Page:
Tuesday, November 24, 2009

You know your experiment may in fact be too big when...

1. It takes nearly an hour to simply label all the tubes you will need for your experiment.

2. Once your raw samples are in their first set of tubes, they take up three ice buckets (two is typically a large experiment).

3. Your processed samples take up five sample racks (I think the most I ever did before was three).

4. You work for 6 hours during the day, go study for an hour and a half, take a test, go home, shower, come back to work to then work another 5 hours. Being in lab at 0330 is a wee bit creepy.

5. You still have two hours of prep work the next day before you can even think about running your samples.

Note to self, never ever do a take down with 30 mice, 60 organs, and 180 processed sample tubes again!

Tuesday, November 10, 2009

It only took four and a half years...

But I finally worked my first code. I know, ridiculously long time for being an EMT and not having worked a code, but then again, I have always worked low call volume places. It was an interesting mix of emotions, to say the least, and surprisingly ended on a good note.

Tones went out at the crack of dawn, and I was uncharacteristically awake and rested the moment I sat up (I am NOT a morning person in the least bit and have a very bad habit of staying up late when I am at the station). Ambulance (first!) and engine go out with only a minor hitch and I know the medic unit will be responding.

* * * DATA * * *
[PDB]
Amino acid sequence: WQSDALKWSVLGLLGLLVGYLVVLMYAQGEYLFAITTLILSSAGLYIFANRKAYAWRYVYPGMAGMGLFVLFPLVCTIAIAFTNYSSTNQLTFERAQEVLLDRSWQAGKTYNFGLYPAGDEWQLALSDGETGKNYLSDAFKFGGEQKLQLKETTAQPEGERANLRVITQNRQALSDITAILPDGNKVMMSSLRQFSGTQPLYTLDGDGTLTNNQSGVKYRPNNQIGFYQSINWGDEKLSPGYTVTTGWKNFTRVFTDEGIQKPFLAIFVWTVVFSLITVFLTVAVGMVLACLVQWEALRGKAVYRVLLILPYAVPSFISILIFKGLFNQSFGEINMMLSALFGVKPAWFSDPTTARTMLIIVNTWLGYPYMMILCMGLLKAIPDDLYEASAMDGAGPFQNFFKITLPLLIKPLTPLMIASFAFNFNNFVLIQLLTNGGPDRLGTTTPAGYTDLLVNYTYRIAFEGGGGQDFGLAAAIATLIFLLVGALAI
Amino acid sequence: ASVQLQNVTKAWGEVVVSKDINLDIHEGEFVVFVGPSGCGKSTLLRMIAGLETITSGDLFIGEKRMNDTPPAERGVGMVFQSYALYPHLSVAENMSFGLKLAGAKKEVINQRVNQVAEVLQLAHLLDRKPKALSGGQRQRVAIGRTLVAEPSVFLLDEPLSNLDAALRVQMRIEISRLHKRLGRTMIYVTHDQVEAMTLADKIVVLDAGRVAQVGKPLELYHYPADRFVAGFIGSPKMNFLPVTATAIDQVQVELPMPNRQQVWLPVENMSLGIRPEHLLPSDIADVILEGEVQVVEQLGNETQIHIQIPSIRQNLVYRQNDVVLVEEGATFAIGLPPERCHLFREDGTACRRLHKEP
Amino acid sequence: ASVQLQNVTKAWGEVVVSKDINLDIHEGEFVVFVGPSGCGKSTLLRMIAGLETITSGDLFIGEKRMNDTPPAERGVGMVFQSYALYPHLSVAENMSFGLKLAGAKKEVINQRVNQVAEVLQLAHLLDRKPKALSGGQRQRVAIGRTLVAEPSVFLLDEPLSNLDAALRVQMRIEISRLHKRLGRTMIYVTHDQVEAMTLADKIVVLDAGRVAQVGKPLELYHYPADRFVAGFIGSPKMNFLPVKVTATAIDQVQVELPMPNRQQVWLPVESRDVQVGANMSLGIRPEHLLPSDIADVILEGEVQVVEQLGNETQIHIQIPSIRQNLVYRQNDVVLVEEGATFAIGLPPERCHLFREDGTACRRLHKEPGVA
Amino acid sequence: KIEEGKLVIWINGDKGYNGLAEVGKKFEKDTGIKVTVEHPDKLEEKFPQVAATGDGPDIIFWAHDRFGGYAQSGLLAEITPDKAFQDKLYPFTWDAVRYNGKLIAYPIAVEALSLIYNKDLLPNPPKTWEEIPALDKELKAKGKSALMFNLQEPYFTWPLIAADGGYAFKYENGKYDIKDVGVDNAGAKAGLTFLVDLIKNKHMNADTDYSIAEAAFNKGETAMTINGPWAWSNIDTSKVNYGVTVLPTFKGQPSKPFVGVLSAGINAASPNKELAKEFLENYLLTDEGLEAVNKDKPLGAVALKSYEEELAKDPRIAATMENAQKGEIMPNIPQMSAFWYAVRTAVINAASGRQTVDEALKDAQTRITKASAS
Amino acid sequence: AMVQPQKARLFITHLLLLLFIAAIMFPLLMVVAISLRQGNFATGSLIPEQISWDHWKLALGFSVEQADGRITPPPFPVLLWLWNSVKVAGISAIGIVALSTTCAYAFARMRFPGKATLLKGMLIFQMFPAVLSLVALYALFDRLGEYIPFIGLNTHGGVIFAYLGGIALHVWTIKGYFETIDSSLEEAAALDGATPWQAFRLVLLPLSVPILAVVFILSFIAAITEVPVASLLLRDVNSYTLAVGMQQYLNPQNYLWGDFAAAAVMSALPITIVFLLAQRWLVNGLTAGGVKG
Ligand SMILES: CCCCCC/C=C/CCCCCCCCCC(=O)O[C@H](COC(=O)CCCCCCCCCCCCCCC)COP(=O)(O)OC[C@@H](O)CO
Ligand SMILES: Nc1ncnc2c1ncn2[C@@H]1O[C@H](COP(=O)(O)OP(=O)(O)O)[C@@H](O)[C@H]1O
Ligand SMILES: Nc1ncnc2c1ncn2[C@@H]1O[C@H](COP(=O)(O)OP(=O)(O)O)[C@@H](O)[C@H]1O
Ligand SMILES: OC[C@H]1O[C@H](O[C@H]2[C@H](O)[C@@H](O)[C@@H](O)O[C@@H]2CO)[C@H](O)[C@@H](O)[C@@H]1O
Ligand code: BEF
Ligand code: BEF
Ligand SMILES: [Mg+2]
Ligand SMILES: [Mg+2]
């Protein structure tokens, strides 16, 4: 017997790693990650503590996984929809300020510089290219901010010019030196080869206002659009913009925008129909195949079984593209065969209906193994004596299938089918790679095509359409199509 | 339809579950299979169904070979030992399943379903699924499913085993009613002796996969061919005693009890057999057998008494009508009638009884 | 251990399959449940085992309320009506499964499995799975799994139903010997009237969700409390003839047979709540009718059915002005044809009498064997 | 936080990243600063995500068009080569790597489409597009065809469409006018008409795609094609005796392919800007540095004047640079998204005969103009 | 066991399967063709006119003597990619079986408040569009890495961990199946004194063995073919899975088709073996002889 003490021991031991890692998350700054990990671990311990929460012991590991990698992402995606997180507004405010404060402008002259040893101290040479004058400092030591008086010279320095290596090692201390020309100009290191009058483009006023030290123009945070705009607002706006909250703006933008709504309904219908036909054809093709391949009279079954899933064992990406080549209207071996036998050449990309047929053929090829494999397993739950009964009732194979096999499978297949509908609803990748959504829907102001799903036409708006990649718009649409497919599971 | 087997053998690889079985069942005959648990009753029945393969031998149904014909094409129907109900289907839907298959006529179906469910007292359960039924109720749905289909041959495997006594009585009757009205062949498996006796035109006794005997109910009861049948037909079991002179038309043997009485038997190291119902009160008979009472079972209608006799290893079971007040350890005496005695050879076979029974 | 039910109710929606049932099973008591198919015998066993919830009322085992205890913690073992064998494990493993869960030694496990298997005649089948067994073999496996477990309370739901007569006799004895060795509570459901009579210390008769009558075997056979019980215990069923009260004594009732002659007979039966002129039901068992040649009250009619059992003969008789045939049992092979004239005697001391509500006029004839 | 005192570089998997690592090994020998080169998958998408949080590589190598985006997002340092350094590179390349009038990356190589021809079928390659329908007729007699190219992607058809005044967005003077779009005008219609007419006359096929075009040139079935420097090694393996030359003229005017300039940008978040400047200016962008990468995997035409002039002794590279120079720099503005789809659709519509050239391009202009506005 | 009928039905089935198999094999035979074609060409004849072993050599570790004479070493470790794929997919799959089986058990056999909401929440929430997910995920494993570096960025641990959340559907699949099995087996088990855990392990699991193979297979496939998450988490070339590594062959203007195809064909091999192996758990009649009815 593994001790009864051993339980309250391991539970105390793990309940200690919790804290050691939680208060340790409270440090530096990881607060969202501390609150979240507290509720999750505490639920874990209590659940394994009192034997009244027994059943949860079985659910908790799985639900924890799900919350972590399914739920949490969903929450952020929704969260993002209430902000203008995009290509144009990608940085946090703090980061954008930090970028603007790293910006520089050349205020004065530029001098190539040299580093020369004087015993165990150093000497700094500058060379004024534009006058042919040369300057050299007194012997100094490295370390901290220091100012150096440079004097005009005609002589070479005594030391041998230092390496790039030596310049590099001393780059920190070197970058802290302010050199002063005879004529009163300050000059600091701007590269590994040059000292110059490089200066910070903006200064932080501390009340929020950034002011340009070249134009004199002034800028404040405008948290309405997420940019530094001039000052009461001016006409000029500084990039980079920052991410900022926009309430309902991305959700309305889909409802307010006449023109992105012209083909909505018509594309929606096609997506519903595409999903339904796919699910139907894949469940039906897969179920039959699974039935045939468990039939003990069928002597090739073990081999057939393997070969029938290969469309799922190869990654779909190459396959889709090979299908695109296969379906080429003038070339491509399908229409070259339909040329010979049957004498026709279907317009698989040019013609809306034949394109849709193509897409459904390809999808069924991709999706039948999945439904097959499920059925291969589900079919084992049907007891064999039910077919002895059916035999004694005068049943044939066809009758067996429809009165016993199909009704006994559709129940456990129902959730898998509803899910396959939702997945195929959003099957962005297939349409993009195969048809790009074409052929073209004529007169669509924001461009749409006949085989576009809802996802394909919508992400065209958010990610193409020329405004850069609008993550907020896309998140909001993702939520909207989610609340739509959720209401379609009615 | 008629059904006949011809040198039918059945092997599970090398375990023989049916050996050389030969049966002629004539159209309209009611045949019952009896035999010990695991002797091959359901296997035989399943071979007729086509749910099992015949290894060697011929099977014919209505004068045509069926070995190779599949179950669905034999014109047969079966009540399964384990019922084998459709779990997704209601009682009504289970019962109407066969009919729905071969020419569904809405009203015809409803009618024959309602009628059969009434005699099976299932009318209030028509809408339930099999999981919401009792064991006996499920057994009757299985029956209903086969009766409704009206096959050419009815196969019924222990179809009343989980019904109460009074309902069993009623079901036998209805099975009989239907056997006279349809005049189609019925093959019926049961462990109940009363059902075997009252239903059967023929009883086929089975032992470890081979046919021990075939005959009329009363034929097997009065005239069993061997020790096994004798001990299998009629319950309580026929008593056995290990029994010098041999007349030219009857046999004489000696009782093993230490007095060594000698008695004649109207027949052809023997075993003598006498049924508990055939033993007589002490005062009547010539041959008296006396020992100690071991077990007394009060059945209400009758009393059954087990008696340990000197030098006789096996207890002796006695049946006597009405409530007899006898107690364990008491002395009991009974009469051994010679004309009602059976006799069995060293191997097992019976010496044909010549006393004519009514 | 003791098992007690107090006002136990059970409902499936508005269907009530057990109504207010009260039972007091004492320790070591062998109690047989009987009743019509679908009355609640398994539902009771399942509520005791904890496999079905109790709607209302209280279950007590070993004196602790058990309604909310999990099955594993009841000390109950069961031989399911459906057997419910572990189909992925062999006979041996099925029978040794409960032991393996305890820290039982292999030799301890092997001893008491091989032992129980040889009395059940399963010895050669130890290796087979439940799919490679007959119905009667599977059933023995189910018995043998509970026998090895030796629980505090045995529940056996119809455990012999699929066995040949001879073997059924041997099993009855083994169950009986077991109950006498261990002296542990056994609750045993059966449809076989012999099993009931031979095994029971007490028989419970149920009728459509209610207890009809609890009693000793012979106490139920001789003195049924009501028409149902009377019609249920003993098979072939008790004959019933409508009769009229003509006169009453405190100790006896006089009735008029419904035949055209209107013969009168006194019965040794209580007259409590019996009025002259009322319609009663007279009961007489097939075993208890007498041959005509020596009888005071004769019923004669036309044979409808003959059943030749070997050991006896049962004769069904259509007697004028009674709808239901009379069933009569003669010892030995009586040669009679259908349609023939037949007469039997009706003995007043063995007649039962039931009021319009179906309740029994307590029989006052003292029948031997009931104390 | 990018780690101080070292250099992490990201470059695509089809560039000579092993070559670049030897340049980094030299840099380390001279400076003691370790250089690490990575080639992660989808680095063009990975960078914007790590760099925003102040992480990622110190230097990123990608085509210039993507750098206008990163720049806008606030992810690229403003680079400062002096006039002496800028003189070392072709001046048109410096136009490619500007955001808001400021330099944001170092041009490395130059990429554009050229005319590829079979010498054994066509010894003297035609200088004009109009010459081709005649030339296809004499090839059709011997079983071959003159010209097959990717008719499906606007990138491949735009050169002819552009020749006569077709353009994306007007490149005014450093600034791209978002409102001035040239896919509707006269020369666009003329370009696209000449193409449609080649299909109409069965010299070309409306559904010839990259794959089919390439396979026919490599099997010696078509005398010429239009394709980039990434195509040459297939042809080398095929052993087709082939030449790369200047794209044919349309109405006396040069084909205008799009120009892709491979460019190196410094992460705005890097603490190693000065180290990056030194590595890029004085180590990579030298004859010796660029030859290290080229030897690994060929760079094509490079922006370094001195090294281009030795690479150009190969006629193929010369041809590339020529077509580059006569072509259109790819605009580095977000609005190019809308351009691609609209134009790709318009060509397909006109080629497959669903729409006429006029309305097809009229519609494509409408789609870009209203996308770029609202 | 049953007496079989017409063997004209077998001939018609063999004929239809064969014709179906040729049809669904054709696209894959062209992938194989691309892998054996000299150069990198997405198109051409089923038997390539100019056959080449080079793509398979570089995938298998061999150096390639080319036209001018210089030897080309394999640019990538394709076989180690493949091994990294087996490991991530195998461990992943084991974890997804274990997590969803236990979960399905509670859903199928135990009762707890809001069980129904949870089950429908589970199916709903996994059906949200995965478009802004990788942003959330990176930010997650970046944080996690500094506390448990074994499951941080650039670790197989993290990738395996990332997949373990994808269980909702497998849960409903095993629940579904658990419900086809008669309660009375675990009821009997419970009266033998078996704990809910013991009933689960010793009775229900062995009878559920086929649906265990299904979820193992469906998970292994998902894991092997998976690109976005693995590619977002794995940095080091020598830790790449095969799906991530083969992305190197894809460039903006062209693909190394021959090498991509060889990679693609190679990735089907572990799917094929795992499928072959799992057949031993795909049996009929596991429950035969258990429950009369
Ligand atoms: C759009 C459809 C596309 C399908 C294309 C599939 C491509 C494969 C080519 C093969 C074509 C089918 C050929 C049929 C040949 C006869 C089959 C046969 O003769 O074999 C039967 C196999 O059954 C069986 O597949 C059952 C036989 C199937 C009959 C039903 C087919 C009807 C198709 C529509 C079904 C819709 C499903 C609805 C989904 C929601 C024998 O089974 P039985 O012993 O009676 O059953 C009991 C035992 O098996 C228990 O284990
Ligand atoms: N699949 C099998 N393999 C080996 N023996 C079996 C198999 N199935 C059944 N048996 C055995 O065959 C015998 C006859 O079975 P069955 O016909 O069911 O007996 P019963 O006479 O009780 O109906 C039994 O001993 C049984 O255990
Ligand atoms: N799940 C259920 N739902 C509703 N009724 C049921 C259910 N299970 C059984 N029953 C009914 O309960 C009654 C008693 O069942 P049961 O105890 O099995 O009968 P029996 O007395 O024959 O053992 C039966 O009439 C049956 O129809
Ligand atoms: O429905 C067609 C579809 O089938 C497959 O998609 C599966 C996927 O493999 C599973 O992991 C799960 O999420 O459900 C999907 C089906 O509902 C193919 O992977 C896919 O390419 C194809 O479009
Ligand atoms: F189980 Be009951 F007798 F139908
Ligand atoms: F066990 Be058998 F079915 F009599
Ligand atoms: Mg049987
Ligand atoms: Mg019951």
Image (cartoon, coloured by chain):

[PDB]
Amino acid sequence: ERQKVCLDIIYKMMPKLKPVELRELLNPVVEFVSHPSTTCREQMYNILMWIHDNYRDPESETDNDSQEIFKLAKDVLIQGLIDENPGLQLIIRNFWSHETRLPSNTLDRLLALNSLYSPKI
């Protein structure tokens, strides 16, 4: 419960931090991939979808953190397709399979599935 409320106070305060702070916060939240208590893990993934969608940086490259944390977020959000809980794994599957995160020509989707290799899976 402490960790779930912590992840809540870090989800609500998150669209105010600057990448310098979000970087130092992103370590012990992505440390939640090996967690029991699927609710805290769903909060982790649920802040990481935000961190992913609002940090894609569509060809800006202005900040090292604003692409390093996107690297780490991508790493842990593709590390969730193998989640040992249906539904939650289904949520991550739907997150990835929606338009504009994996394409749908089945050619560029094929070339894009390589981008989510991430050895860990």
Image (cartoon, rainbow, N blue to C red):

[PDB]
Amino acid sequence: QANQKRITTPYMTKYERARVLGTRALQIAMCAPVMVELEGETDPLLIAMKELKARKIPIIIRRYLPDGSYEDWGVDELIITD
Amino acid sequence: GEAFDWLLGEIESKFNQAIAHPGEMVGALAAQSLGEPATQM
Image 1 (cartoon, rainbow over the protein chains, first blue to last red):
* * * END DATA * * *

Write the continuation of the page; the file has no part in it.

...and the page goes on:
Get on scene, trying to orient myself as well as possible (I am the "Aide" on the ambulance) as our entire station basically moves itself into the house. We find the patient in the back bedroom, relatives trying to do CPR, frightened as they say they had checked on her an hour ago and she was fine. Something had happened in that hour as we find the woman, mouth open, lying bed with no movement. Warm. No breath. No pulse. No cardiac history. In fact, very little wrong with her to begin with.

We get her on a backboard and get to work. I end up with the bag valve mask (BVM) trying to ventilate her as one of our firefighters starts CPR. I check the airway, clear, and try to ventilate. I can't get the breaths to go in, adjust the airway and add an oral airway. Still nothing. Great.

The characteristic 'Stand Clear' of the AED rings in and my partner snags my shoulder to pull me back. I can't tell you enough how much I love my duty crew, because we always have each others backs. "No shock advised." Well that's odd, but we get back to work, still no air going in, as we make it to the stretcher outside and into the rain. Did I mention it was raining and cold too?

Still ventilating, we hand her off to the now present Medic Unit and they go into full swing. I can feel myself still jazzed on adrenaline as I look around and suddenly do a double take. One of the firefighters from my station and the current shift is present who was not at the station last night. Did I miss something??? Later find out he was on one of the other engines that was called to the scene.

Seeing as the Medic Unit had our stretcher and some of our staff, we follow them to the hospital, and I hate to say it but I fully expected our patient to be declared dead at the hospital. While I am a very optimistic person, I just didn't think this was going to end well. After a few moment of getting things together in the E.R., I poke my head into the room they wheeled her into and see the last thing I had expected. A beautiful EKG with a pulse of 74. I just blink. We saved her? I thought that almost never happens?